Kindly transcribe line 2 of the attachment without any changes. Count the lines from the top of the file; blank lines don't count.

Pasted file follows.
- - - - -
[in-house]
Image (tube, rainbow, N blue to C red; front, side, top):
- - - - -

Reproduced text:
Image (tube, rainbow, N blue to C red; front, side, top):